The Runaway Princess
by Christina Dodd
Mass Market Paperback: 384 pages
Publisher: Avon (February 9, 1999)
By Jessica Stewart, Courier Editor-in-Chief
“She’d seen pictures of princes in her books. Lots of them. Princes wore capes lined with robin’s egg blue silk that they threw carelessly over one shoulder. They wore velvet capes trimmed with soft feathers. They trod so lightly that the ground was grateful to hold their weight. They were slender, graceful—and charming.”
Unfortunately for Evangeline Scoffield, Prince Danior is none of these things, but that is not the worst part. He also rudely calls her a liar merely because he refuses to believe that she is not his long-lost princess. I thoroughly enjoyed reading this novel—especially since Danior is my kind of “prince charming”—and keep going back to it. The characters are enjoyable, the plot is exciting and the chemistry is real. Add in a bit of interesting history since this book is set in 1816 and you get a great romance. It beats one of those unoriginal fairy tales any day.
Prince Danior of Baminia believes he has finally found his little princess, Ethelinda, despite her nasty habit of denying her royal heritage and her desire to be called by a different name, even though she no longer needs to hide. Now, he just needs to get her back to Baminia in time for the Revealing, where he will marry her and unite their two kingdoms of Baminia and Serephina. Oh yeah, and they have to avoid the revolutionaries bent on killing them. Easy enough, if only Evangeline wasn’t so determined to escape.
Evangeline Scoffield of East Little Teignmouth is an orphan, not a princess, although she sure wouldn’t mind being Danior’s princess. She knows that she isn’t, thought, and she refuses to pretend because the real princess might be in danger, and Danior needs to go find her. Unfortunately, Danior has different ideas. She finds herself falling for him, and the decision to continue denying her royal heritage becomes harder and harder to do..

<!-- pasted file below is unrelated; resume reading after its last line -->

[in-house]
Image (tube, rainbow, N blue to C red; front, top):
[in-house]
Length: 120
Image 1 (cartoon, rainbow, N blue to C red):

As the two race to Baminia for the Revealing, both intent upon changing the other's mind, they face many obstacles, from murderous revolutionaries to their own clashing personalities. They quickly fall in lust, and slowly fall in love. The only problem is that Evangeline truly is not the princess. Where is the real one? Is she in danger? And what will Danior do when he finds out the love of his life truly is an orphan?
This novel kept me on my toes and the twist at the end was a pleasant surprise. I loved the characters, especially since they are so unconventional. Evangeline isn’t a grasping, greedy orphan, Danior is in no way charming, and is in fact a hulking brute. The revolutionaries are portrayed as real people with real feelings, and the real princess isn’t really a very good princess.
I definitely recommend this novel to anybody looking for a different kind of fairytale.